One night at Kingston Treehouse

Between our second and third nights at Ivory Lodge, we slipped away on a short walk to the ultimate bush bedroom: Kingston Treehouse. We crossed the drawbridge to this remarkable construction of wood and glass, with its 360-degree views of the surrounding bushveld. Although we’d left the lodge and most of our luggage behind, we certainly weren’t roughing it. A meze-style sunset picnic and clinked glasses of bubbly added to a sense that the luxury was undiminished, while being woken during the night by lion roaring (everything sounds much nearer in the dark) gave us one last up-close big cat encounter.

Between our second and third nights at Ivory Lodge, we slipped away on a short walk to the ultimate bush bedroom: Kingston Treehouse. We crossed the drawbridge to this remarkable construction of wood and glass, with its 360-degree views of the surrounding bushveld. Although we’d left the lodge and most of our luggage behind, we certainly weren’t roughing it. A meze-style sunset picnic and clinked glasses of bubbly added to a sense that the luxury was undiminished, while being woken during the night by lion roaring (everything sounds much nearer in the dark) gave us one last up-close big cat encounter.

Seven nights at Ibo Island Lodge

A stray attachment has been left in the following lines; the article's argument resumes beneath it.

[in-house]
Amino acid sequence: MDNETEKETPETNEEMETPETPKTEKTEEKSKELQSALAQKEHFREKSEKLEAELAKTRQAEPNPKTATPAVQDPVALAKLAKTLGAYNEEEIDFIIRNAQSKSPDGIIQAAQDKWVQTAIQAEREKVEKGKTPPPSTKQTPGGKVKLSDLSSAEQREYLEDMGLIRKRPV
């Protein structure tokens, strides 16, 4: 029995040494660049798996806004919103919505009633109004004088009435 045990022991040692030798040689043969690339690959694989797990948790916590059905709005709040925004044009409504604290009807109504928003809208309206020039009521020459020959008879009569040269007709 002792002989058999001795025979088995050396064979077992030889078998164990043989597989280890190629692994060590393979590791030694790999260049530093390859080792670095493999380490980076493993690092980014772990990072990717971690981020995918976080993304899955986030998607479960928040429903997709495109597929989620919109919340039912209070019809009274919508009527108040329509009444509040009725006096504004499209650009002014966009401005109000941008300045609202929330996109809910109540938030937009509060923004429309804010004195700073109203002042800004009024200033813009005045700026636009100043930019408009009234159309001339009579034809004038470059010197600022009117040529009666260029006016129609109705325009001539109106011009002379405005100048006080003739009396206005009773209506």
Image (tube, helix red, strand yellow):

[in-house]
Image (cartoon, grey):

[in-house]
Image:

As our last flight of the day, a light aircraft, touched down on Ibo Island’s grassy airstrip, we instinctively felt that we traded one paradise for another.Ibo Island was exactly what we’d hoped it would be – a tiny, secluded and impossibly romantic island set in the warm, clear waters of the Indian Ocean. Appropriately for two people who’d just exchanged vows, our sea-facing room at Ibo Island Lodge was in a former trading mansion. With palm fronds swaying in the breeze and bougainvillea blowing about, I almost had to pinch myself to check that I wasn’t dreaming. And that’s before I saw the four-poster bed, with the handwritten congratulations note surrounded by frangipani blooms. The note invited us to a private dinner that evening in a secret location. Where? Now that would be telling!Intrigued by Ibo’s fascinating past (which in many ways, seemed alive and well – but then where better to honeymoon than a place where time’s stood still?), we embarked on a guided cultural tour of the island. Visiting the silversmiths in the shadow of the imposing old-fort gate, I was tempted – until my partner pointed out that we’d spent enough on jewellery recently! From under an abandoned archway we watched a dhow sail by, and our guide pointed out a pod of dolphin cavorting in front of its prow. They seemed to be loving life in the Quirimbas Archipelago, and we were too.On such a small island, the sea is a constant presence, and we were keen to explore its riches the next day. A short boat ride out from the lodge and we were over the closest of many coral reefs. The water was clear enough that we could see the bottom just by looking over the side, and as soon as our masks and flippers were in place, we began snorkelling over the reef. Imagine looking down on a crowded city at rush hour – that’s the impression we both had of the reef. It was teeming with multicoloured fish, all self-importantly going about their very urgent business.Knowing that the archipelago is one of the last haunts of the dugong, we spent an afternoon languidly kayaking up mangrove creeks in search of the creature that convinced ancient mariners that they’d seen mermaids. The rarity of dugong was brought home to us by the fact we didn’t spot one, but we did get to spend more blissful time together, listening to fish-eagle calls and keeping our ears open for the tell-tale splash of a marine maiden. Any slight disappointment dissipated instantly as we stepped back inside our room to find it had been given the romantic turn-down treatment.Our snorkelling trip had merely served to ‘wet’ our appetite for more undersea adventures, and knowing that we were within range of several oceanic drop-offs meant that diving the Quirimbas just had to be done. As we floated weightlessly above the point where the ocean floor fell away, my partner and I practiced the scuba hand signals we’d been taught, and added our own for I love you. Peering into the indigo depths, we felt a surge of adrenaline as a medium-sized shark rose towards us. Our experienced local divemaster indicated it was harmless, although it certainly looked the part!While I enjoyed my traditional Ibo Island massage (for the bride) my partner headed out on a fishing excursion. Nothing like reverting to gender stereotypes on our honeymoon! In his new role as provider, he excelled. I emerged from the spa in a state of calm euphoria to be met by the Ibo Island Lodge chef, who was making his way up the beach with a tuna in each hand, courtesy of mine truly. Knowing the story behind the meal made our lunchtime sushi even more enjoyable; the fact that our honeymoon would soon end added a piquancy to every moment.When the boat captain came to invite us on a boat excursion to the bank, we were a little bemused. As we headed out to sea, it became clear that he meant a rather different kind of bank. A white canopy had been erected on a sandbar, and beneath it was a treasure-chest picnic hamper of all the foods we’d most enjoyed during our stay. As the boat pulled away – promising to return before the tide turned – we delighted in this chance to dine on a sandbar. I’d been given away and was now a castaway, all in the space of a week!